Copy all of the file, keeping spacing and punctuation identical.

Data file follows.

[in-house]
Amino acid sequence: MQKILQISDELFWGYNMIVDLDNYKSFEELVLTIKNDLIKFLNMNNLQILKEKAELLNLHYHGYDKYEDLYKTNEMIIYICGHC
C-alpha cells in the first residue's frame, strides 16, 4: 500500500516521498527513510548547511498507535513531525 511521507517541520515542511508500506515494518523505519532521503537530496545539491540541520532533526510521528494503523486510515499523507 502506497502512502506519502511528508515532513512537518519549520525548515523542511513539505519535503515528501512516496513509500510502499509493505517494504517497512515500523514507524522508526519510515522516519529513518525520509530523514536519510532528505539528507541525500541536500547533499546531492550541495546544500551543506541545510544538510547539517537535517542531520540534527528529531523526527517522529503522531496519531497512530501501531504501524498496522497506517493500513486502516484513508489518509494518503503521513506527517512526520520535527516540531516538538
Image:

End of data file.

[in-house]
Amino acid sequence: MQKILQISDELFWGYNMIVDLDNYKSFEELVLTIKNDLIKFLNMNNLQILKEKAELLNLHYHGYDKYEDLYKTNEMIIYICGHC
C-alpha cells in the first residue's frame, strides 16, 4: 500500500516521498527513510548547511498507535513531525 511521507517541520515542511508500506515494518523505519532521503537530496545539491540541520532533526510521528494503523486510515499523507 502506497502512502506519502511528508515532513512537518519549520525548515523542511513539505519535503515528501512516496513509500510502499509493505517494504517497512515500523514507524522508526519510515522516519529513518525520509530523514536519510532528505539528507541525500541536500547533499546531492550541495546544500551543506541545510544538510547539517537535517542531520540534527528529531523526527517522529503522531496519531497512530501501531504501524498496522497506517493500513486502516484513508489518509494518503503521513506527517512526520520535527516540531516538538
Image: